For IT users: the Log Files are here: %localappdata%\microsoft\onedrive\logs
There’s a new sync client which works really well available here: https://support.office.com/en-us/article/Get-started-with-the-OneDrive-for-Business-Next-Generation-Sync-Client-in-Windows-615391c4-2bd3-4aae-a42a-858262e42a49 – Be aware there are a few limitations that may cause you to hold onto your legacy OneDrive for Business client. but some of the more problematic ones are now gone (such as maximum file count).
Over the past 2 months or so I’ve been dealing with a problematic video display driver issue which resulted in my display driver restarting (and the screen going black for 10 seconds or so while it reinitialised). At Empired Sydney, it would only happen once or twice a day, but at the Brisbane office it would happen every 10-15 minutes or so… Grrrr! I was getting errors with igfx (the Intel Graphics Drivers) and errors that SFC could not fix… so I stayed back last night to try and fix it. I tried uninstalling and reinstalling the drivers. I used a tool (here: http://www.majorgeeks.com/files/details/display_driver_uninstaller.html) to remove the drivers and then ran Windows update to have Microsoft reinstall them from the web. I tried running DISM to get the /SFC packages reset… no dice. Then I started looking at the monitor settings (the issue only occurs when I’m docked, and when the additional monitors are connected to the dock and not the Surface directly)… and saw that one of the external monitors was set to a refresh rate of 59.4Hz and one was set to 60Hz – Set them both to 60Hz and BAM! No more Graphics Driver failures.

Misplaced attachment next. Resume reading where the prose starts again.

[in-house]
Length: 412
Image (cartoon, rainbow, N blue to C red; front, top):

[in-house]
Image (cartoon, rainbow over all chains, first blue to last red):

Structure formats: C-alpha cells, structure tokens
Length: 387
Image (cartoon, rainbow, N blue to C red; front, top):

At a guess it looks like the drivers are not stable when dealing with more than 2 refresh rates (The surface runs at 45Hz), AND the Surface is docked, AND the drivers are daisy-chained (DisplayPort v1.2). Change any of these parameters and the issues stop.
Microsoft have released the Developer Preview for the latest version of SharePoint: SharePoint 2016! Being a developer preview, the interface (and potentially UI functionality) is not final, but the API is close to it (and it’s due out first quarter next year, so it’ll have some bugs in it too) – Full article is here: https://blogs.office.com/2015/08/24/announcing-availability-of-sharepoint-server-2016-it-preview-and-cloud-hybrid-search/
SharePoint Server 2016 further empowers your workforce by delivering a consistent experience across screens, whether using a browser on the desktop, a mobile device, tablet or slate. Through this rich experience, users can easily transition from one client to another without having to sacrifice feature fidelity.
Responsive by any other name smells just as sweet.
Q. Can I upgrade SharePoint Server 2016 IT Preview to RTM when released?
A. No, SharePoint Server 2016 IT Preview cannot be upgraded to RTM.
Fill yer boots!